Hidden Object Adventure Games Rock


If you say “Hidden Object Game” to a “gamer” they’ll either groan or say “what’s that?”. If you say it to an Indie developer, they’ll probably ask you to leave the room. However, I wonder who many of these people have actually played a good one and how many are just parroting a standard response?

There are two types of Hidden Object Games as I see it:

1) Straight hidden object games like Mystery Case Files: Ravenhearst. This is the type that most people think of when they hear “Hidden Object Game”. I happen to enjoy playing them with my family, but I can see why many people find them boring.

2) Hidden object Adventure games like Azada: Ancient Magic and Drawn: The Painted Tower. These are basically point and click adventure games like from the old days, except that they have high production values and aren’t fiendishly hard. Sometimes these games contain a combination of adventure and hidden object elements such as Dire Grove.

I personally prefer the second type of HOG as they are more like the old-skool point and click adventure games and there are some REALLY good ones like Treasure Seekers: Follow the Ghosts. Many non-casual players don’t know what they are missing!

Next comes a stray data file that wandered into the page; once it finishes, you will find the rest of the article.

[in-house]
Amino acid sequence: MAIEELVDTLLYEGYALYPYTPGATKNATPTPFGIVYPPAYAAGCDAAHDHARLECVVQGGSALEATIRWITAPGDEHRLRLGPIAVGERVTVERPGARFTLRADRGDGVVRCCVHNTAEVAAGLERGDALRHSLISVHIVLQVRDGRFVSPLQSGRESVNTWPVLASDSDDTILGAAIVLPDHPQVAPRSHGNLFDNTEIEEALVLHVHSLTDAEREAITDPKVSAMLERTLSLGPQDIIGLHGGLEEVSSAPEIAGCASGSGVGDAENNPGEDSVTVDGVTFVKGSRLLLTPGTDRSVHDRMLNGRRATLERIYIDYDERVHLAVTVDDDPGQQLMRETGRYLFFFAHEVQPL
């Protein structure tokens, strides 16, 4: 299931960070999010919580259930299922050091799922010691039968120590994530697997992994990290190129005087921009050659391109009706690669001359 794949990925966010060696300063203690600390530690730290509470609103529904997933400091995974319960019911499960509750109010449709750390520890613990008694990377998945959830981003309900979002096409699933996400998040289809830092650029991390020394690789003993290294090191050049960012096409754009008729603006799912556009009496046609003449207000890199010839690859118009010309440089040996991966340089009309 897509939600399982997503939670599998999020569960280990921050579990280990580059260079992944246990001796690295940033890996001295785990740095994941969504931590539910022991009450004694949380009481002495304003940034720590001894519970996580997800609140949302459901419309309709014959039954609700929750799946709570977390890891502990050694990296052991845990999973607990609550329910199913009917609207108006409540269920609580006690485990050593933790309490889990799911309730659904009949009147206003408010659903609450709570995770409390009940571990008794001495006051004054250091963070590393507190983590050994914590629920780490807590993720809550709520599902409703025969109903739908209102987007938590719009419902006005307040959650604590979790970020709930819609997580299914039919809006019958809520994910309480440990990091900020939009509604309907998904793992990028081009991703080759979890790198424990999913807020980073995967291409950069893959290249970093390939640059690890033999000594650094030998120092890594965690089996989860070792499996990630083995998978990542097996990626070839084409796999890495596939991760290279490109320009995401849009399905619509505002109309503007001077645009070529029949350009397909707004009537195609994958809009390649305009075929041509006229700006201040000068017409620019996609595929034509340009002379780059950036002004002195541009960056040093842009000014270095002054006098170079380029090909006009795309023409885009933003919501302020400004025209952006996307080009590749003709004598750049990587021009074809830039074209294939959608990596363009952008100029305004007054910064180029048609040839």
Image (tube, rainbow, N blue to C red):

So if you get a chance, join the millions of casual players who love these games and check them out sometime.

6 Responses to “Hidden Object Adventure Games Rock”

  1. TimS Says:

    And then there are straight casual Puzzle Adventure games, no HOG required. Good times, to be had by all.

  2. Grey Alien Games Says:

    Yep, that’s right TimS and they are my favourite type.

  3. Dave Says:

    I just wondered where you thought the future of HOG was?

    Do you think it will remain where it is and appeal to the same strong following?

    Do you see it adapting to encompass different elements and appeal to new users other than casual gamers?

  4. Grey Alien Games Says:

    Good question Dave. I think it’s a shame if HOGs aren’t seen by more player demographics because I know many gamers that used to love Monkey Island etc back in the day who I’m sure would love a good HOG/Adventure game. I’d like to make a HOG with a very casual RPG element where you can customise yourself as you go along to solve puzzles in different ways.

  5. Dave Says:

    Thanks for answering! I agree with you.

    I always thought they lend themselves nicely to RPG style character evolution and personal customisation purely because many of them are so story driven.

    I could imagine (really want to play) a really in depth sci-fi/fantasy adventure that would suit an altogether different demographic. But because of the extra development costs of adding that RPG layer it could be a financial risk many companies won’t take in today’s climate.

    But it is interesting to see how elements of casual gaming influences more hardcore games, and vice verse i guess.

  6. Grey Alien Games Says:

    Agreed adding the RPG element bumps up the cost, and also complexity which may cost sales in the casual market unless you can get a wider audience to try it out. Casual games have definitely influenced mainstream games for the better in terms of tutorials, accessibility and learning curve.